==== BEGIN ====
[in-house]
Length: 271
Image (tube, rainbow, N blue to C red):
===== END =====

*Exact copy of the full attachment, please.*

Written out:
[in-house]
Length: 271
Image (tube, rainbow, N blue to C red):